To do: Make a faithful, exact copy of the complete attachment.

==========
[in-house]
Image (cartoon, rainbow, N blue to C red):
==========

[in-house]
Image (cartoon, rainbow, N blue to C red):